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Oncol Res. 1998;10(1):7-14.

Effect of retinoic acid on morphological changes of human pancreatic cancer cells on collagen gels: a possible association with the metastatic potentials.

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Department of Biochemistry, Kyushu University School of Medicine, Fukuoka, Japan.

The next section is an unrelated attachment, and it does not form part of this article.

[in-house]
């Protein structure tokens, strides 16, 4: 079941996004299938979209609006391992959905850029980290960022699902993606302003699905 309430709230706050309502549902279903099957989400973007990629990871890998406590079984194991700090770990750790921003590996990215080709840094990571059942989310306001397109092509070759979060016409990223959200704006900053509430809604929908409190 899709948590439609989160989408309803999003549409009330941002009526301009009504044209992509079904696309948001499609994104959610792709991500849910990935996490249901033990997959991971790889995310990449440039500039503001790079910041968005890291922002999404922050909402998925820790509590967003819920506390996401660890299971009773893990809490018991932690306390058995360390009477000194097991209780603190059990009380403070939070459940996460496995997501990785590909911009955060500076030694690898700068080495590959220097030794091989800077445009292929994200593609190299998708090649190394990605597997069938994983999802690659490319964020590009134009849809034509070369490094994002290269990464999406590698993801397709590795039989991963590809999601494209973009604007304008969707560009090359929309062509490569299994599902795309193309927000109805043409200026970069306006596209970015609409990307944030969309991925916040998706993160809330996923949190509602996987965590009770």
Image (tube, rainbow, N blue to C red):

Pancreatic carcinoma is an invasive and metastasizing type of malignancy. We established six pancreatic cancer cell lines from human pancreatic carcinomas, three highly metastatic lines (KP-1NL, KP-4, and SUIT-2) and three minimally metastatic lines (KP-2, KP-3, and BxPC-3). The three highly metastatic cell lines grew in a fibroblastoid pattern on collagen gels, whereas the three minimally metastatic cell lines grew in an epithelioid pattern under similar conditions. Western blot and Northern blot analyses indicated much higher levels of E-cadherin in the three minimally metastatic cell lines relative to the three highly metastatic cell lines. When the effect of all-trans-retinoic acid on the growth patterns of the three highly metastatic lines was examined, we observed a dramatic change from fibroblastoid to epithelioid growth in SUIT-2 cells. Although all six cell lines had comparable levels of retinoic acid receptor-gamma, retinoic acid receptor-beta was expressed only in SUIT-2 cells. Treating SUIT-2 cells with retinoic acid also induced the upregulation of E-cadherin expression. When SUIT-2 cells were treated with retinoic acid receptor-specific agonists, 13-cis-retinoic acid and Am555S, a morphological change from fibroblastoid to epithelioid growth was induced. Retinoic acid receptor-specific antagonists, LE135 and LE540, inhibited retinoic acid-induced change of the growth patterns. The effect of retinoic acid and its derivatives on the growth pattern was discussed in a possible association with their antimetastatic activities of pancreatic cancer.

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